The United States government announced several weeks ago a plan to distribute billions of dollars in stimulus checks to individual Americans and small businesses across the country. However, the distribution of the stimulus seems to have been easier said than done.
Indeed, banks across the country have either struggled to meet the demands that have been placed on them by the federal government or have been slow to start their participation in the distribution program.
Indeed, the Washington Post reported in early April that small business owners seeking coronavirus-related loans have “encounter[ed] chaos and a slew of questions.”, and that the “banks expected to distribute the loans, including some major names, won’t yet participate in the program.”
And the banks aren’t necessarily to blame: Consumer Bankers Association chief Richard Hunt said in a statement earlier this month that “having just received guidance outlining how to implement a $349 billion program literally hours before it starts, we would ask for everyone to be patient as banks move heaven and earth to get a system in place and running to help America’s small businesses and the millions of men and women who work at them.”
However, two weeks after the program began, banks are still struggling to process thousands of loan applications (not to mention distributing individual stimulus payments and other corona-related financial aid.)
This seems to be the primary reason that the US government made a quick turn toward the fintech industry: on Monday, the United States government made the decision to approve Paypal, Intuit, and Square as participants int he US Small Business Administration’s (SBA) Paycheck Protection Program (PPP), which provides forgivable loans to small businesses that keep all employees on their payroll for at least eight weeks. The firms began issuing the loans today.
— Spiros Margaris (@SpirosMargaris) April 14, 2020
Is this the dawn of a new era of opportunity for fintech?
” This is where fintech firms can shine”
For Michael Sury, lecturer in finance at the University of Texas at Austin and director of the Financial Analytics Program and the Center for Analytics and Transformative Technologies, the answer is yes.
“Given the challenges that traditional banks have had in implementing the various liquidity provisions of the stimulus package, a window of opportunity has opened for FinTech firms to differentiate themselves and serve as an additional channel,” he said.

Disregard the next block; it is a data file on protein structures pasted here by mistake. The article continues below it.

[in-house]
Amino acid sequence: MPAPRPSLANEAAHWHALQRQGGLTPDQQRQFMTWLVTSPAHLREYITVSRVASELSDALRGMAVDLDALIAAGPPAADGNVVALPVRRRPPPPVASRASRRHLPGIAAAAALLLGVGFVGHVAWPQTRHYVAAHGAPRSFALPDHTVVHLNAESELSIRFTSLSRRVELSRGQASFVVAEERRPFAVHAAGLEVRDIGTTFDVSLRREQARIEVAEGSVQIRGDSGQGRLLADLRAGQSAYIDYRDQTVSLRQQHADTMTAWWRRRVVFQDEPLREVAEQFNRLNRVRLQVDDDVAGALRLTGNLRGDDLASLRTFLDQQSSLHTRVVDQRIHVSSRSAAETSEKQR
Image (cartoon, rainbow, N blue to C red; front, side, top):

“It’s clear that the banks are totally overwhelmed with trying to process record loan and credit facility volumes, but this is where FinTech firms can shine. In many cases, their core competence is precisely in managing and processing information—which is critical to getting funds to where they are desperately needed.”
Some fintech firms, recognizing this opportunity, strode a few steps ahead of the United States government–TechCrunch reported that Square, Paypal, and Intuit lobbied for weeks before the United States finally made the decision to allow them to participate in the loan distribution process–and while PayPal has forayed into the world of small business loans in the past, Intuit and Square are new to the scene.
2015 Fintech: "We're going to put banks out of business."
— Ron Shevlin (@rshevlin) April 12, 2020
And perhaps this is a sort of ‘breakout moment’ for fintech companies in terms of building relationships with the United States government. Speaking on CNN about the decision to allow the three companies to facilitate the distribution of SBA loans, Karen G. Mills, a senior fellow at Harvard Business School and former administrator of the US SBA, said that “I think that this is going to be the week that we see fintech come in and maybe even save the day.”
“The next two weeks are critical for America’s small business owners–as you know, they have really been struggling; they only have about three or four weeks of cash on hand, and they’ve been closed for that period of time [already],” she explained.
“This is going to be the week we see #FinTech come in & maybe even save the day,“ @KarenGMills says more money from #Congress is needed & we could still lose 20% of US small businesses. #coronavirus pic.twitter.com/WVooZfMahe
— Julia Chatterley (@jchatterleyCNN) April 13, 2020
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“You saw it in the unemployment numbers…these are half of America’s jobs. So, we did have one week of the plan so far, and as you said, it was bumpy–banks are not known for moving quickly, and this is $349 billion worth [of stimulus cash].”
Still, the bottleneck effect is going strong: “people are applying; [the SBA] says they’ve got about $200 billion approved–but only about 1% seems to be flowing into the hands of small businesses. So, the question is, what are we going to do to get the money out there?’
FinTech could ease the stimulus bottleneck effect